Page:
• Billions of venture capital dollars have been invested in innovative educational-technology companies working on solutions to specific educational challenges, from privacy issues to security, training,communications, and data management.
  • Content publishers spend more than $4 billion annually on textbooks and ancillary material.The movement to electronic content represents a major opportunity for textbook publishers to increase their growth and profitability.

Making One-to-One Job Number One

Let's consider a few other facts. Learning gains have been recorded in one-to-one pilot programs for grades K-12 in school districts like Lemon Grove, in San Diego County, and in states like Maine, where, thanks to former governor Angus King's Maine Learning Technology Initiative, every middle school student has a laptop computer. These programs provide us with knowledge about how one-to-one computing fits into the school environment and what is needed to make an effective "digital ecology," including support, training, and content.

I believe that the following beacons should guide us to a successful one-to-one educational world:

  • Quality: Administrators are tempted to cut corners in order to cut costs. But we must not make the mistake of cutting functionality. Small black-and-white PC screens, insufficient battery power, poor support, and superficial training are a few of the misguided compromises made in technology programs.
  • Access: Students don't leave their textbooks in the classroom, and they don't study just in school. While it might seem that allowing students to take their laptops home will result in a lot of damaged equipment, this has not been the case in Maine, the first one-to-one state. True network access also requires the extension of ERate connectivity to the household. This is probably the single biggest challenge to one-to-one computing. However, innovative ideas are being implemented, again in places like San Diego, where cable and telephone companies are finding ways to accelerate the rollout of broadband access, while lowering costs to state and federal governments.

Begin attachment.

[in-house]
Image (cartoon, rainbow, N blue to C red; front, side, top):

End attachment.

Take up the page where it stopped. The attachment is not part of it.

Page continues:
• Experience: There is a lot of accumulated knowledge about how consumers and kids use computing devices. Strategic News Service's Project Inkwell ( is developing basic software standards of one-to-one computing so that the tech industry can design products to fill classroom needs.

E-Rate II (The Sequel)

Sooner or later, Madame Secretary, reaching the goal of one-to-one computing comes down to money, the kind of cash that only a federal budget can generate. Although 83 cents of each education dollar comes from local and state authorities, every large-scale U.S. education initiative has required federal funding and presidential leadership. Currently, the United States spends only $40 per student per year on computing.

Let's assume the kind of computing capability required for productive work costs about $1,000 per machine in hardware and support. At this rate, if computers last five years, the average annual amortized amount spent per device (and hence per student) would be no more than $200. There are about 50 million K-12 public school students in the United States, so that's roughly $10 billion per year for there to be a computer on every desk.

The question is simple: Is our ability to have a high-performing education system a large economic opportunity? I'm sure you and the administration will agree that the answer is a resounding yes. To achieve one-to-one computing, the IT industry will have to decrease the total cost and increase functionality by using the economy of scale that our national school system will provide. Technology leaders must recognize both the potential for a wider societal impact and the tremendous business opportunity.

The New Education Century

Six decades ago, the end of World War II and the benefits of the federal GI Bill transformed the future of the nation. Today we face similar circumstances, as a new world economy demands that we prepare our workforce for a more complex, more competitive future.We must think of this new century as the time to reinvest in our future. I hope you will join me, Madame Secretary, in moving to a brighter educational world.

Kosmo Kalliarekos, a founding member and a partner in the Parthenon Group, a Boston-based strategic consulting firm, is a member of Project Inkwell's steering committee. Write to